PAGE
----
Flying high performace jet fighters has always been risky to an extent, but VERY LITLLE airspace is above low populations these days. Your chances of being hit by a crashing airplane(of ANY type) are EXTREMLY small. It was a tragedy, simple as that. Rare, but it happens. There were far more accidents and ground casualties in the days of old propeler acft. than you ever see today.
I feel badly for the pilots family and for the familly on the ground as well. But if you look back at the safty record for the blue angels and the 100's of pilots that have performed these stunts, it is amasing that this is the first one that I have heard of. I also hope it is the last one I ever hear from as well. But they do a great job as far as safty goes. Break-em all. JEff
You boys are some kind of speculators- you have no idea what the pilot was doing or whether he was trying to avoid anything on the ground or not.
Anybody who has ever done low altitude rejoins in a jet aircraft knows almost instinctively what happened in this mishap- it's happened before. Most likely the pilot didn't try to eject because he didn't know he was about to hit the ground- it's that simple. It would be pointless to try to explain it to anyone without formation flying experience.
Some of you might remember when 5 of the Thunderbirds crashed near vertically in Nevada. None of them tried to eject either for a similar reason.
Hey, slide action, there are far more of those "old propeller aircraft" flying today than there are jets- just thought you would like to know that.
No, they weren't doing a maneuver, they were doing a rejoin for their final 6-man formation pass to conclude the show- this according to the Marine spokesperson.
The simple fact is that anything done in a jet aircraft at low altitude and high speed has a significant element of risk- there's precious little margin for error. That's why military pilots get flight pay. This is also why pilots, military and civilian, pay more for life insurance than others or have an avation exclusion.
I heard a report on the radio (ABC news radio)with a reporter that had interveiwed some of the witnesses and the reporter was "suprised" when they had no critisizm of the military or the way the military handled it. You had to here his tone to fully understand the comment but I dont see why they have to try to make such a political event out of evry tragic event that happens.
The Blue Angels perform three types of air shows The Low Show, Flat Show or the High Show which I think they doing. If this is the case the aircraft went down on Maneuvers Sequence 2-31 being the Loop Break/6 Plane Cross or Sequence 2-32 being the Delta Pass/Pitch-Up Break.The minimuim altitude of 500'AGL over the spectator and decent to 200'AGL above the highest obstacle within three miles from the show centerpoint is the norn.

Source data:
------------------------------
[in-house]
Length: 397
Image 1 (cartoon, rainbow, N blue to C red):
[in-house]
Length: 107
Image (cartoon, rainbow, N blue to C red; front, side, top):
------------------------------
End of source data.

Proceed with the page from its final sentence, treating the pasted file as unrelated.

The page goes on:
Anonymous,-- I agree that there are more prop. driven acft. flying, but the ones that are out there are probably in better shape(even the ones with radial engines). The FAA has done a bang up job reforming the flying buisness. When I used to fly light acft. you could buzz in and out of TCAs without a transponder(that doesn't go today). Engines are better and more reliable and the FAA really cracks down on the books of the FBOs and private owners these days keeping up with the maint. log and annual inspections. I loved the old radials and started my A.F. career out working on R-2800s(hated those danged articulating rods), but the newer OP engines are far more reliable. Jet engines are are better also. The old turojets were much more finiky than the turofans of today. Acft. Maint. technicians are better trained in the services today. We used to have to learn a lot for ourselves and some of my trainers in the old days left a lot to be desired. You are right about the speculation part. True ,there have been many cases where a pilot"rode it too long" and missed a chance to bail, but no one except the pilot will probably ever know for sure. The formation flys off lead and if anything goes wrong at low alt., there is almost no time to react.If my memory serves me right the Thunder Birds( I think they were flying T-38s back then) crash occured when leads stab bound up. The Aces two ejection seats have a far better survival rate than the older styles, but at low alt. and high speeds there is VERY Little reaction time. As an old fighter crew dog and having flow in fighter jets many times, my admiration for the guys who fly them has always remained high.
My heart goes out to the injured and to the deceased pilots family. I've seen it a lot in many years I've been in the buisness and it is always sad. Anyway, if we ever get to shoot together, let an old crew dog buy you a cold one.
Please tell me again just WHY the people have to pay these Pilots to fly such a danger filled agenda,, not only to themselves but to those on the ground. I object to them using enough FUEL to take a small town a weeks driving, in one 2 hr display! And getting paid a large amount to just be poster boys!! Such a waste of manpower, equipment, and fuel!! Whole thing is a waste!!
Guess you don't want the military to shoot trap, pistol, high-power rifle or even skeet in civilian competition…Your tax dollars at work…..the world is not fair, get over it….I was shooting at the world try-out’s in VA back in the mid ’70, and a comment was made by a civilian shooter, that “WE” should not be competing because we were paid to shoot, and as such we professionals……Grubby...
Gunsmoke 100, you are a fool! Do you have any idea what flight pay is and what a Naval/Marine aviator makes. I thought not. It certainly not what you think. As a retired Marine aviator I speak from experience.Those people are way under paid and over worked. I make more now as a commercial pilot than I ever did in the Corps.Sorry,guys but I had to bite. Next 911 should occur in gunsmokes100 backyard. Mike